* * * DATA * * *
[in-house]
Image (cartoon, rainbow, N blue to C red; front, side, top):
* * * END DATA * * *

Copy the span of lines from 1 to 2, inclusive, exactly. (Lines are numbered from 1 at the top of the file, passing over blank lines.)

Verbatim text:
[in-house]
Image (cartoon, rainbow, N blue to C red; front, side, top):